It is a mistake to solve potential future difficulties: things we might need, features that might be required.
What you need to solve are the problems you have now: dedicate proper focus to these. Produce a correct solution for the task at hand and move on.
Worrying about what might happen in an imaginary scenario leads you down into rabbit holes. It is one of the reasons why people start many things but finish few.
Another reason to refrain from "preemptive" solutions is the lack of information. You will know more about the problem domain later and will be able to come up with a better solution "just in time".
Finally, you limit your future choices by making sub-optimal decisions now. Don't paint yourself into a corner by making uninformed judgments.
If you keep your application as simple as possible, you'll have a much higher chance to adapt to future changes successfully.
You can't predict the future, and surprises will happen. What you have planned might never arrive, something completely different probably will.
Keep YAGNI in mind: You aren't going to need it.
Avoiding unnecessary investments applies to developer tools also. You could spend all your time improving the tooling and processes, but are you inefficient to begin with? Are these real improvements or just cool toys?
Not catering for potential features today has the advantage of keeping the codebase more flexible. If you do not commit to a solution today, you'll have more wiggle room tomorrow. Keep your options open.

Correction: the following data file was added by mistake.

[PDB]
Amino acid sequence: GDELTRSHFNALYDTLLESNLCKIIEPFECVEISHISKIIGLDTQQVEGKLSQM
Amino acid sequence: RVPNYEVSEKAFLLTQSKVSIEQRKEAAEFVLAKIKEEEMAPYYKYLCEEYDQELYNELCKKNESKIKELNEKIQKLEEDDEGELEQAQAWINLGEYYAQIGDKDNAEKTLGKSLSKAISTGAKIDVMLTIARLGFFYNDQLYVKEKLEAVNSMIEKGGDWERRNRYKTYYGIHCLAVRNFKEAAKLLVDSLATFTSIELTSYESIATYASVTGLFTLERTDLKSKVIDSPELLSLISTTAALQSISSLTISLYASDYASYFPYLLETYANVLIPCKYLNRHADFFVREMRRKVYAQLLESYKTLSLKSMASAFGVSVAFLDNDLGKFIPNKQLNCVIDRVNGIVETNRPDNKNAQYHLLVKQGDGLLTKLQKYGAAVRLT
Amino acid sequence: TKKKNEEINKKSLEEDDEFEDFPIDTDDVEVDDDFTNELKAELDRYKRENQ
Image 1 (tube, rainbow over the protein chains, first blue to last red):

The First Rule Of Optimisation: Don't do it!
Avoid micro-optimisations. Don't take DRY (Don't Repeat Yourself) for example too seriously. Repeating the same code a few times might be acceptable for now. You can come back and clean up once you have a final solution and know more.
Many developers fall into the trap of haphazard optimisation. One can spend enormous amounts of time and energy while making a system "better" in some way - while not adding any real value. Not all applications have to run at the highest imaginable speed or on the most sophisticated storage solutions.
You need two things to start optimising: an actual performance issue that is causing real problems, and automated, objective measurements (a baseline) of the problematic feature.
Given these two, you should still focus on solving the first (the real problem) as a priority. There might be ways around the problematic parts that cost orders of magnitude less than the "real" fix. As an example, it might be enough to add an index instead of rethinking the database structure. A cache can mask slow services, and this might be sufficient in many cases.
The actual decision about going ahead with an optimisation - or any change - is ultimately made by the ones who have skin in the game.